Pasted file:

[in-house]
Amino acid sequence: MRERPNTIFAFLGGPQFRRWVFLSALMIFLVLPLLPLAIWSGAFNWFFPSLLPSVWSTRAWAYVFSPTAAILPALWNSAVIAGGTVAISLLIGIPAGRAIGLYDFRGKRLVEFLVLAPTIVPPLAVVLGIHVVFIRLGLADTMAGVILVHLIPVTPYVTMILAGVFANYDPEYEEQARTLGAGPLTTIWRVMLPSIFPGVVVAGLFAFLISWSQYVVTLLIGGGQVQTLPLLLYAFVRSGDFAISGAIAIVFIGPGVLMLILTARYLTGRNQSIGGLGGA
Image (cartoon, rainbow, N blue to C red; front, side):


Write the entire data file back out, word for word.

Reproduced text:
[in-house]
Amino acid sequence: MRERPNTIFAFLGGPQFRRWVFLSALMIFLVLPLLPLAIWSGAFNWFFPSLLPSVWSTRAWAYVFSPTAAILPALWNSAVIAGGTVAISLLIGIPAGRAIGLYDFRGKRLVEFLVLAPTIVPPLAVVLGIHVVFIRLGLADTMAGVILVHLIPVTPYVTMILAGVFANYDPEYEEQARTLGAGPLTTIWRVMLPSIFPGVVVAGLFAFLISWSQYVVTLLIGGGQVQTLPLLLYAFVRSGDFAISGAIAIVFIGPGVLMLILTARYLTGRNQSIGGLGGA
Image (cartoon, rainbow, N blue to C red; front, side):